From Milwaukee, Wisconsin, USA:
My granddaughter is not yet 3 years old. At times her baseline insulin requirements are as low as .5 units morning and evening. If she gets too high on this I would like to give her 0.2 units of Regular or lispro insulin [Humalog® brand]. Half a unit will sometimes drop her below 50 (she has gone as low as 22).
I know we can dilute, but would like to avoid it if possible. Do you know of anyone who makes a device to administer insulin in 0.2 unit increments?
As far as I know, there is no device to inject insulin in 0.2 unit increments. Diluting short-acting insulin for young children can work very nicely. For example, if you diluted the standard U-100 insulin (100 units per ml) to U-10 insulin (10 units per ml), each line on your syringe would be 0.1 units, so you would draw up 2 lines to get a dose of 0.2 units.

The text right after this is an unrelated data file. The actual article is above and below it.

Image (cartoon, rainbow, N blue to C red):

Insulin pumps deliver increments of 0.1 units, but are not usually prescribed for children so young.
Original posting 22 May 1999
Posted to Blood Tests and Insulin Injections
Last Updated: Tuesday April 06, 2010 15:09:04
This Internet site provides information of a general nature and is designed for educational purposes only. If you have any concerns about your own health or the health of your child, you should always consult with a physician or other health care professional.
This site is published by T-1 Today, Inc. (d/b/a Children with Diabetes), a 501c3 not-for-profit organization, which is responsible for its contents.
© Children with Diabetes, Inc. 1995-2015. Comments and Feedback.